Azure Application Insights is a great tool that I find super useful when I need to get some insights about what’s going on with my application (It can be a Website, Web App, WEB API, Windows/Desktop App) and the good point is, your application doesn’t even need to be hosted in Azure, and you can just collect instrumentation data in your Azure Application Insights. In this post we are going to move even further and use Azure Application Insights Analytic or Kusto to dig deeper into out telemetry data.
It is very easy to setup the Azure Application Insights and you can go through this article on how to get started because my focus is not the setup of the Application Insights in this post:
When you setup your Application Insights you can go to Azure Portal and see the Dashboard of your app which by default will have some charts and some high level info about the status of your application:
And then you can even drill down into any of the sections in the App Insights dashboad to see more details about the requests, slow responses and errors etc:
How to use Azure Application Insights Analytic or Kusto
To get into the Azure Application Insights Analytic tool or Kusto, there is a button on the dashboard that says “Analytic” so you just simply click on that and you are taken to the Kusto page which looks like this:
In this page on the top is the place where you can add your queries and run them and at the bottom there are some samples that can give you some jump start queries to get an idea about the Kusto query language (Yeah you gotta learn a new query language, but don’t worry it is very simple and there are good documentation as far as I can tell).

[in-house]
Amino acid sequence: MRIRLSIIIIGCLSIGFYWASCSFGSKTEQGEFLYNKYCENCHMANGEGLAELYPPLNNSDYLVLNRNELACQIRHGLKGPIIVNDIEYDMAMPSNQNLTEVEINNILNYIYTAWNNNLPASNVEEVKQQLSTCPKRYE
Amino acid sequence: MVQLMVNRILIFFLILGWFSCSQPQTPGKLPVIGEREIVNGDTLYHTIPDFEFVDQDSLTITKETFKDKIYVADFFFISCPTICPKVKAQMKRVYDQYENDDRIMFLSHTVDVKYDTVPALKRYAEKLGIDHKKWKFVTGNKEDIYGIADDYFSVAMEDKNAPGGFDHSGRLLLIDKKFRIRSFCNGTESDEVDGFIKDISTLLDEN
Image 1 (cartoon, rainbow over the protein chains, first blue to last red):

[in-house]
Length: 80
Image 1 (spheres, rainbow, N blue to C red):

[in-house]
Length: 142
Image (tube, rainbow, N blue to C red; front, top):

So yes, there you have it. you can start digging into your telemetry data and for sure you will be very impressed by the performance of the results you get back! yeah it is super fast…
You can start by simple queries like below and click on GO to test them. When you run the query you will see the result in the grid below and for the cases where the columns are Json objects you can expand them and see the details (comes very handy in cases where you are looking at exception information).
If you notice, there is a little chart icon on top of the results pane on the middle of the page, where you can switch the view to show you a chart if your query is in a way that show a chart makes sense of course. So I just make a little modification to the query to be able to show the result as a chart and there you see it like this:
It’s for sure one of the best features Azure has added so far which will be very useful when you are going to dig into historical data and this will come really handy because it is really fast.
If you need more information about the Kusto query language you can find the documentation here: